By Thea Gribilas
As Canada approaches flu season, Ryerson community members will have the opportunity to get vaccinated at designated flu clinics located across campus.
Students, staff and faculty can register for a flu shot appointment on the Ryerson website as drop-ins are not available. The Ryerson Medical Centre is also prioritizing high-risk community members, essential workers and students living in campus residence.
According to Ryerson president Mohamed Lachemi, the university has been organizing flu clinics since 2009.
“This year is more important than ever to get the flu vaccine,” Lachemi told The Eyeopener, “Although it won’t protect you from COVID-19, it will protect you from the flu [and] will reduce the severity of the illness from the flu.”
“Flu prevention will also help limit patient visits to hospitals during the pandemic,” he said.
On the school’s website, the university advises community members who register to get their flu shot to abide by social distancing rules and wear masks.
“Ryerson is prioritizing your health and safety and will ensure the vaccine will be provided in an environment that follows Toronto Public Health guidelines,” the website states.
When receiving flu shots, Ryerson community members are also expected to bring their provincial health card and their Ryerson OneCard for identification.
According to the site, the university encourages community members who are not working or living on campus to get their flu shot in their own neighbourhood. The flu shot is free with a provincial health card.
Parker Ducharme, a fourth-year creative industries student who lives and works on campus, got his flu shot on campus back in October.
He said he was concerned that the high demand for the flu shot this year would hinder his ability to get it.
“I’m really glad that Ryerson has a flu shot clinic because if they didn’t it would’ve been so much harder to get it at a Rexall or Shoppers,” said Ducharme.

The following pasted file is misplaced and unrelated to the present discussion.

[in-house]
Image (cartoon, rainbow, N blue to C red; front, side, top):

He also mentioned that the environment at the flu clinic was professional, safe and very well organized.
First-year fashion student Gabrielle Vaillancourt said she gets her flu shot every year. Her most recent flu shot was on Nov. 10.
She said she didn’t have concerns about getting her flu shot on campus that she wouldn’t have getting it anywhere else.
“There’s obviously more risk going into a public space where a lot of other people are going for the same reason,” said Vallaincourt. “You’re in contact with a lot more people even if measures are taken to prevent that.”
Vaillancourt noted that her experience living at Daphne Coxwell Complex in residence has made her less concerned.
“I know living in residence [the staff is] super careful about everything,” she said. “So I don’t really have any concerns about getting it on campus more than I would anywhere else.”
She said the flu shot being available on campus not only increased her interest in getting it, but also reminded her it was something she needed to do.
Ryerson mechanical and industrial engineering PhD candidate, Ali Nazari, received his flu shot on Nov. 6—he had never gotten the vaccine until this year.
“With the increasing concern of COVID-19 I think empowering the body is more important than ever,” said Nazari.
After his appointment, Nazari said he was pleased with his experience at the flu clinic.
“It was quick and easy,” said Nazari. “Everything was well organized—I felt safe with no concerns.”
Ryerson has conducted three other flu clinics so far this year on Oct. 27, Nov. 6 and most recently on Nov. 10.
It is not yet known if the flu clinics will be open for any additional dates.